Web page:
Wound Management

The wounds of war: AI leads arms race for burn assessment

Predictive analytics and artificial intelligence are pioneering new approaches to clinical wound care assessment. By Catherine Longworth.


istory shows that in times of war, medical innovation emerges.

From surgery techniques, blood banks and penicillin, many of healthcare’s everyday treatments were pioneered out of necessity on the front line.

As the war in Ukraine approaches a second year, countries around the world are accelerating their defense spending to fuel the next generation of military technologies. Predictably, the US is one of the largest spenders, with a GlobalData report showing that the country’s defense budget rose by 5% in 2022 to $740.4bn, up from $705bn in 2021. The recently passed 2023 National Defense Authorization Act (NDAA) indicates that the U.S. defense budget will increase by 11.8% to $827.6 billion in 2023 and by 2027, the country’s total defense budget is forecast to reach $861.4 billion, a positive CAGR of 3.9%.

For military medicine, lessons learned from previous conflicts mean innovation in wound care and trauma management will be some of the most heavily invested areas. Indeed, researchers are already applying predictive analytics and artificial intelligence (AI) to advance surgical triaging on the battlefield.

A new approach for burn wound assessment is being led by Dallas, Texas-based company SpectralMD, who are using AI and machine learning techniques to develop an imaging tool, the DeepView system, that can accurately predict the severity of burn injuries.

One of the most critical decisions when treating burn victims is assessing how deep the burn is and whether surgery is required. The technology under development is being adapted for use in military settings and emergency rooms to quickly and clearly assess if patients need treatment from a burn specialist or non-burn specialist.

Using multi-spectral imaging, the system integrates AI algorithms and optical technology that can distinguish between healthy and damaged tissues. The imaging technology extracts clinical data, processes the image, and displays a comparison of the original image next to an image with a highlighted area of the non-healing portions of the wound.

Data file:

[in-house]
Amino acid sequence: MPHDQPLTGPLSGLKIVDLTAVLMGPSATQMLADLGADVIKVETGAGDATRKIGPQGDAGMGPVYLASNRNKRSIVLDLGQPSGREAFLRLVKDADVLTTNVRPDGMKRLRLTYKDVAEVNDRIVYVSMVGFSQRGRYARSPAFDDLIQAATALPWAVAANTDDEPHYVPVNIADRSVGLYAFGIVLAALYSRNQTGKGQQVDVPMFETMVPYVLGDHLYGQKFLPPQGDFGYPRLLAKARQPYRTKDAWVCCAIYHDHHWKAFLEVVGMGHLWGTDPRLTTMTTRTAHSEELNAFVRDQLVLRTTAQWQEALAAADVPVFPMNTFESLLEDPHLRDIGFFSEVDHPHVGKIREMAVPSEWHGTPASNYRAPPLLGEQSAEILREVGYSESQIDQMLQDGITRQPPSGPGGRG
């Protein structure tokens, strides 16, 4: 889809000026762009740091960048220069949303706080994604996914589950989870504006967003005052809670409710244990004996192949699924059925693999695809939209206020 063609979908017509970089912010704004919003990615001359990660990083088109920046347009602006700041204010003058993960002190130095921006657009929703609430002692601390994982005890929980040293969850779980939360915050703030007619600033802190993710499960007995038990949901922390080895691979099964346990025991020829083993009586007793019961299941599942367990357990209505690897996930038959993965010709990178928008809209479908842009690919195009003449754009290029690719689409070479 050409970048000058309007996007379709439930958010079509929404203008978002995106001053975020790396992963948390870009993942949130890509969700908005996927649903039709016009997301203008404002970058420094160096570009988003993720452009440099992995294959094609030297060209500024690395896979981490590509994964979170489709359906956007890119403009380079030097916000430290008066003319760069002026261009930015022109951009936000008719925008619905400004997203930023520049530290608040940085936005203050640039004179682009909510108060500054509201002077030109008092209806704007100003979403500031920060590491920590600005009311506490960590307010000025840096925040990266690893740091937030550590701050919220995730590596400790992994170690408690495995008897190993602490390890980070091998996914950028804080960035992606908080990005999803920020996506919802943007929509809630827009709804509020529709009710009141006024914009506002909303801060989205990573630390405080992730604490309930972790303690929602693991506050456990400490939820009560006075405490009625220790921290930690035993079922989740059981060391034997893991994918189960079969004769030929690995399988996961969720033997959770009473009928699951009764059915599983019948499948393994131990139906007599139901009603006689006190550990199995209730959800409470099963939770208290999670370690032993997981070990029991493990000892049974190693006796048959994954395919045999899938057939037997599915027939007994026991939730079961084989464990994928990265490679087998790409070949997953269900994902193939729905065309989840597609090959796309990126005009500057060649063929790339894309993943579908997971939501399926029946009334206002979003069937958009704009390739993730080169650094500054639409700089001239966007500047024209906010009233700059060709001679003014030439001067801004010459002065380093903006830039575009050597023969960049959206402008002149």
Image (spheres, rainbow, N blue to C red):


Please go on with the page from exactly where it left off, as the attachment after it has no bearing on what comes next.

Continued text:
According to SpectralMD, the image acquisition takes 0.2 seconds, and the output takes approximately 20 to 25 seconds, helping to avoid unnecessary surgeries or a reduction in military forces.

The system emerged from the technology transfer department of the University of Texas Southwestern with an initial focus of providing clinicians with a tool to predict pressure ulcers for bed-ridden patients.

From 2013 to 2021, the company engaged in contracts with the US federal agency BARDA (Biomedical Advanced Research and Development Authority) to investigate the use of the technology as a surgical-triage tool for burn victims in a mass casualty event. Overall, BARDA has invested over $100 million in SpectralMD since 2013 to improve accuracy of the technology for wound healing.

“Obviously the naked eye can only see the upper epidermis of the skin, but through the spectral images data we can go several layers deeper underneath the skin and that's what the USP is for the device,” SpectralMD CEO Wensheng Fan tells Medical Technology.

“For example, if surgeons in Ukraine used the technology, they could accurately identify which areas to operate on and reduce unnecessary surgeries. This means that patients can be helped effectively within seconds.”

The company is working with the US Department of Defense (DoD) to miniaturize the device to a fully handheld size which can be used on the battlefield, and by first responders such as police and ambulance staff.

Despite the life-threatening nature of burn management, it is an area of research that is often neglected until emergency situations arise, says Fan. “Investment in this space can be overlooked because it’s not a day-to-day thing. Often investors want to deal with more immediate issues such as diabetes, blood pressure, cancer and sometimes these unfortunate areas like burn care are only remembered about in the case of war.”